# FAQ: Ordering Your Library - Sorting With Control Flow

This community-built FAQ covers the “Sorting With Control Flow” exercise from the lesson “Ordering Your Library”.

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## FAQs on the exercise Sorting With Control Flow

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rev=false is a parameter and it’s default when no input is given
so when we say if rev=true I am confused - is rev=false true when there is no input? and rev=false is false when we give that parameter a value?

1 Like
``````    rev=false

``````

is the case when there is no second positional argument. It would make little sense to call the method, `method(something, false)` since that is already the default.

However, if we include `true` as a second argument, the return will be reversed.

2 Likes

I’m having trouble reversing the order of my array, below is the only way I was able to do it:

def alphabetize(arr, rev=false)
arr.sort!
if rev = true
arr.reverse!
else
return arr
end
end

numbers = [7, 6, 2, 4, 8]
numbers.reverse!
puts alphabetize(numbers)

However an error comes up on the console saying I should use == instead of = for rev = true. If I change it to = then it no longer reverses.

``````def alphabetize(arr, rev=false)
arr.sort!
if rev = true
arr.reverse!
else
return arr
end
end
``````

The return should not be in an else clause, else the reversed array does not get returned. What if we write it like so…

``````def alphabetize(arr, rev=false)
arr.sort!
if rev == true    # note relational operator
arr.reverse!
end
arr               # implicit return of last line in block
end
``````

Now both forms of the array are returned.

4 Likes

hi mtf why are there 2 end in this code?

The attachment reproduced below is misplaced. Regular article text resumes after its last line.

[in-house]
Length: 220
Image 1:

The inner `end` is the closing of the `if` block, the outer `end` is the closing of the method block.

1 Like

thnx mtf your the best

‫בתאריך שבת, 7 בספט׳ 2019 ב-19:35 מאת ‪Roy via Codecademy Forums‬‏ <‪[email protected]‬‏>:‬

2 Likes

def alphabetize (arr, rev=false)
arr.sort!
if rev
arr.reverse!
end
end

numbers = [6,2, 7]
puts alphabetize(numbers)

This snippet does not print the asc array. I noticed it needs an explicit else block to produce an output. Why is that ?

If you look at the example a couple of posts up in the thread you will see there is no else.

``````def alphabetize(arr, rev=false)
arr.sort!
if rev == true
arr.reverse!
end
arr
end
``````

We only need to add `arr` before the final `end` so that object is returned to the caller.

mtf, thanks again!
What confused me is that this returns the arr
def alphabetize(arr, rev=false)
arr.sort!
end

but this needs an explicit arr in the last line to return the array.

``````def alphabetize(arr, rev=false)
arr.sort!
if rev == true
arr.reverse!
end
arr
end``````

That’s so the arr is returned in any case, whether reversed or not.

1 Like

I am stuck with this exercise as well. Not sure I understood the instructions correctly. What do they mean by after your sort! call…which one are they referring too? what part of the code? the top part or the one under my arrays numbers? I am confused.